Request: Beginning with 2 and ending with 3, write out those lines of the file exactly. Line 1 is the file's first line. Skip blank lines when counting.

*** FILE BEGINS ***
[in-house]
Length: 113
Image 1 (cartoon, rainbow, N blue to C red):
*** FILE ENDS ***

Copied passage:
Length: 113
Image 1 (cartoon, rainbow, N blue to C red):